6 things you should know about Node.js
Node.js has become wildly popular, with coders everywhere using it to create APIs and build a new matrix of interoperability across the Internet. Joyent has been the chief sponsor of Node.js from the beginning. In this week’s New Tech Forum, Ben Wen, vice president of product marketing at Joyent, outlines six things you should know about the phenomenon shaking up backend development. — Paul Venezia
At it’s core, Node.js is a stripped-down, highly customizable server engine — a proto-server, if you will — because out of the box it doesn’t do anything until you set it up. This proto-server processes in a loop, ready to accept and respond to requests. Any of those requests themselves may initiate other requests to some other part of the system, such as to read a file off of disk or to send a signal to spin a motor on a robot arm. That loop, known as the event loop, is the “runtime” part.
In short, Node.js is a runtime system that makes it easy to build a network or other event-driven application servers. Here are the six things you need to know about it.
1. JSON has won
3. Sharing is encouraged
The ethos of the Node.js community is “share gleefully.” It’s frighteningly easy to share packages of library code — technically, culturally, procedurally, and legally. The Node Package Manager is included with Node.js and has grown to a repository of nearly 50,000 packages, making it likely that another developer has already packaged up a solution to your problem, or even some less common ones.
Node.js’ namespace philosophy is essentially the absence of one, letting any author publish under an unused module name in the shared public repository. Sharing code under the MIT open source license is highly recommended in the community, which also makes cross-pollination of code relatively worry-free (and lawyer-free) from an intellectual property perspective. Finally, the community is highly engaged in binding interesting C libraries like computer vision (OpenCV) and the Tesseract open source optical character library. The latter, for example, makes possible weekend projects like Imdex that process images from the Web so they can be automatically searched for written content.
4. Node Package Manager works broadly
Speaking of managing library dependencies, the Node Package Manager deserves to be called out. Node Package Manager is the root of almost all deployment systems for Node.js and underlies the many PaaS (platform-as-a-service) providers for Node.js, actually making it somewhat easy to move smaller applications between providers. Its simple, dependable package management has let the Node ecosystem grow extremely well in recent history, to the point that the underlying public service now needs to scale to the next level.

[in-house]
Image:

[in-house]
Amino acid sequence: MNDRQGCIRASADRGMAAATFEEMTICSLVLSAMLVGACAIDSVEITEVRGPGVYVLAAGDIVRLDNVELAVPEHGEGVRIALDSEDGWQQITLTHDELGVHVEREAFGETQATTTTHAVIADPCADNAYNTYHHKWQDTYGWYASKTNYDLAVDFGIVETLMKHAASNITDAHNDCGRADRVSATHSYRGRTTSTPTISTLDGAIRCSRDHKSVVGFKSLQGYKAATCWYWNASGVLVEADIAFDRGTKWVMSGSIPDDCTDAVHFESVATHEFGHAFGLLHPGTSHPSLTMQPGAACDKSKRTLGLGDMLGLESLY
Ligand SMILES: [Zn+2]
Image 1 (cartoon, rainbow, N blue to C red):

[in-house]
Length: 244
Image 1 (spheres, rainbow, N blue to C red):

5. ‘Batteries not included’ minimalism
Node.js applications and Node.js Core itself are broken down into small modules that are composed and shared. Each package and tool can be scoped tightly and crafted to be manageable. These can then be baked together — often without too much unnecessary kneading. The low-barrier, carefree nature of creating a module also encourages experimentation in the community, and there’s quite a bit of overlap and experimentation in the package population. When executed well, each package typically handles one task (e.g. node-optimist.js: ‘light-weight [command-line] option parsing’).
Finally, Node.js is well instrumented for production usage. What that means is that there are the tools to help bring an application to full production readiness and performance. As with any maturing technology, there are areas where more documentation, tools, and best practices could be helpful. But as Node.js heads towards its next major release, it’s on fairly solid footing.
Node in context
Where does Node.js not work so well? It’s not totally appropriate in places where a single-threaded calculation is going to be the holdup, like some kinds of successive approximation or classification. In those instances, it’s more efficient for Node.js to drop the request to an independent library that’s dedicated to the task, where it can be distributed across hundreds or thousands of processors.
Node.js is maturing quickly and is being deployed in more and more mission-critical and revenue-critical systems, such as eCommerce Black Friday infrastructures. It’s easy to get started with Node.js, and yet Node.js is deep enough to handle modern Web complexities. If you’re building your next generation Web site — especially APIs for mobile and Web integration — or if you are creating something new that depends on underlying services itself, Node.js is a runtime system that could very well work for you.
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This story, “6 things you should know about Node.js” was originally published byInfoWorld.